On this week’s episode of Inside Outside Innovation, we sit down with Tim Bottke, author of the new book Digital Transformation Payday. Tim and I talk about the challenges of digital transformation initiatives and how companies can better approach the implementation and measurement of them. Let’s get started.
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Interview Transcript with Tim Bottke, Senior Strategy Partner at Monitor Deloitte and Author of Digital Transformation Payday
Brian Ardinger: Welcome to another episode of Inside Outside Innovation. I’m your host, Brian Ardinger, and as always, we have another amazing guest. Today we have Tim Bottke. He is Senior Strategy Partner at Monitor Deloitte, and author of the new book Digital Transformation Payday: Navigate the Hype, Lower the Risks, Increase Return on Investments. Welcome to the show, Tim.
Tim Bottke: Hi Brian.
Brian Ardinger: Tim, I am excited to have you on the show. You’ve got a very interesting book about digital transformation. What is digital transformation?
Tim Bottke: You know what the funny thing is. Like over these four years of research, which I spent preparing, the book. Became clear, there is just no single universally agreed definition of what digital transformation is. And that’s driven by the fact that so many different interest groups have worked on the topic. Each with their own agenda.
And very often you’ll find that the key word in this term is transformation. And digital, it should be it, it is not always like that should be means to an end, which is transforming. Transformation is also no objective by itself. It needs to happen to make sure that a strategy is established, which helps companies win in the marketplace.
Very often you see with clients and also all the companies I researched for the book, that people transform but don’t know what to transform to. And that’s why people often ask for a definition. The definition is it’s about a transformation with the objective of being able to have sustainable success in the marketplace. And digital is a tool to do that. There are many others.
Brian Ardinger: Well, I’d love to get a little bit more background on your involvement in digital transformation and the research that you’ve been doing on it? What got you excited about it and how did you get your expertise?
Tim Bottke: I’ve been a consultant now for more than 20 years. And like transformation was always a topic in all these times. Whenever I had, we had the early stage, we had the e-commerce boom. I’ve been in all these faces, and I work in the TMT industry mostly, so, which has always been more digital. At least that’s what we believe than many other industries.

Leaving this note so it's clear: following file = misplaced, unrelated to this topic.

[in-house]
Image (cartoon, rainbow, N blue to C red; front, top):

And that’s why with all these companies going up, down, growing, being restructured, transformation has always been there. So it has always been a key interest area I’ve had. And that’s why when the digital transformation hype and I’ll call it came up, it has come up several times. It just became the core of my work because there was no transformation where there was no digital inside.
And then I had, I still remember this meeting with a dear, really dear client of mine, a CEO who basically said, look Tim, two more years as a CEO in this company. Maybe three. I want to do bigger things. We both know I need to transform this company. Digital transformation is the term. It costs half a billion, and I’m sure I would not see any single benefit while I’m still the CEO.
Is it not a better idea if I start wearing jeans and trainers? As of next week, I make my investor relations team paint our annual report with a lot of digital AI, whatever the term is.
I invest 50 million in this case, in major startup city of the country, put an incubator and then have some innovation speeches written for me, et cetera. Is that not better and safer for my career? Tell me if I go the other route, what will shareholders benefit really? Please tell me and had no answer.
And you know how frustrating that is. At least to me. It was when I couldn’t really give a good answer. And it was also clear that mumbling along, throwing a few buzz words wouldn’t solve it. So, I went on a quest to solve it. I first started internally. Then no one had the patience to really dig into it because it was, you know, everyone was running high speed digital transformation project after project.
No one wanted to question the bigger theme of value, et cetera. But I still got the go from our leadership to work on it by myself. So, I went back to academia. I found out no one has solved it there either, even though IT transformation, you know, has been a trend for long time. IT value has been assessed in hundreds of articles and books, but it didn’t ever jump over to digital.
It was rather the claim people saying, no, these rules do no longer apply. Now it’s digital. We don’t need KPIs. It’s all about scale and it’s all about different KPIs. It’s let’s be Agile. Look, all these things. And then I started saying look, there needs to be a data driven answer. And that took me some time because I also had a job to do in parallel. I’m still a consultant after all, but I fixed it. I solved it. And that’s where this book came from.